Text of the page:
The joy of life where cats and dogs are reigning

By Wang Shanshan ( China Daily ) Updated: 2016-04-23 12:47:53

The joy of life where cats and dogs are reigning

[File photo]

I grew up in a large army garrison in the mountains, and no one kept pets there. The army had a pack of more than 20 wolf hounds, and as kids we never dared mess with them.

Pigs were fed in the garrison and chickens were raised in a coop in front of the apartment building where my family lived. Every family was allocated a vegetable plot of about 10 square meters, and each built their own chicken coop. My family had a dozen chickens, and for several years it was my job to feed them.

Animals were everywhere. In fact it was common to see snake skin on the roads, the remains of vipers that lived in the forest and that had decided to make one crossing too many and were obliterated by passing traffic. We would sometimes pick up the skins that had dried out in the sun and send them to the army hospital, having been told that they were an important ingredient in traditional Chinese medicine.

As for a daily tonic, that came from the chorus of singing that the birds staged each morning for us, although I obviously appreciated it less then than I do now. When I was 5, I found what was obviously an abandoned air rifle in a warehouse, and it became my toy for many years. In those days you could buy rifle bullets for 1 yuan a box in small shops outside the garrison. Thankfully for the birds and for everyone else in the garrison, the sights on the rifle were broken, and I never did manage to hit a living target, even if it was not for want of trying - in the case of the birds at least.

keeping pets

As an adult living in Beijing the animals that now inhabit my life - apart from the snarly and snarky motorists who bare their fangs whenever I hit the road - are dogs and cats. I have none myself, but many of my friends do. A friend shares her 37-square-meter studio with a golden retriever and a bulldog, and another lives with three cats.

Those friends who own dogs, and who used to sleep until noon, now get up at 6 am every day to walk their new love interest. "It's good," says the woman with the two dogs. "I'm so busy with them I have no time to worry about anything."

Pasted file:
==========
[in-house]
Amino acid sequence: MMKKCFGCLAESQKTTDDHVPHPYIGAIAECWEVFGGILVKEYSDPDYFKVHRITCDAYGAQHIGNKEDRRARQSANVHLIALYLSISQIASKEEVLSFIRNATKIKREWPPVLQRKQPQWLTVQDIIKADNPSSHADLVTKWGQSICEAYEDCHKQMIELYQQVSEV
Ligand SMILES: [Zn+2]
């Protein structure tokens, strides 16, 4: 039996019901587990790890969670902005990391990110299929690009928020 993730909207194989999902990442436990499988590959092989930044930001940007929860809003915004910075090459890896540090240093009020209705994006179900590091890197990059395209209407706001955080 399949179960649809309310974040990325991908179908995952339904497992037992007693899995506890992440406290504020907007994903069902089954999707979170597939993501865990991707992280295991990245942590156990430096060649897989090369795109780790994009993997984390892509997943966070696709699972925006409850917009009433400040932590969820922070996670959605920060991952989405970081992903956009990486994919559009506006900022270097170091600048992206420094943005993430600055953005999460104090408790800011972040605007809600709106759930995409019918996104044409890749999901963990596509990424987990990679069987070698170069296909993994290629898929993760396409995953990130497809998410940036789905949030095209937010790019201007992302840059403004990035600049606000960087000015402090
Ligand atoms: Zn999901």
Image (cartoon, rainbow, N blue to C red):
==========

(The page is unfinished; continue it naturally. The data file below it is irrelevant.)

The bulldog was her second dog, a stray she found in a carpark near a subway station. She called me and asked if I wanted to adopt him, and I was tempted to say yes. But ultimately I decided it would be impractical and unfair on the dog, and when I told her of my decision I shed tears.

Even conceding that I may want a pet scares me. I always notice dogs that cross my path, but I give the owner barely a second glance. I have seen a neighbor's dog, with a bow on its head, prance all over its owner's feet and manage to undo a shoelace, a spectacle I thoroughly enjoyed.

A friend who adopted a small black dog three years ago, and who works mostly from home, says: "Dogs give humans the company that humans cannot."

Letting their space

Out in the mountains the animals had their territory and we had ours. Apart from the network of roads and footpaths that linked the garrison's units, in swathes of woods and forests, the animals enjoyed full sway. That became clear to me once after I quarrelled with my parents. I stayed out until it got dark and could hear the sounds, including howls, of animals from far and wide.

There was a large bamboo forest near my family's apartment, and every time we kids went in to dig out bamboo shoots, we never dared venture beyond its fringes, well aware that beyond lay hundreds of surviving relatives of those snakes who had been foolish enough to venture onto human territory.

Eventually when my family moved nearer to the city, living in the suburbs when I attended high school, it took some time to adjust, and I pitied schoolmates who had absolutely no ear for the singing of birds and who could not identify flowers or plants.

Now, in many ways, I have become a dyed-in-the wool urban animal. Just as those snakes had their bamboo groves and forests, we inhabit sprawling residential blocks and work in towering office buildings.

As that lifestyle isolates us ever more from nature and from one another, reaching out to animals seems to be just one way of finding a path back to things that matter.

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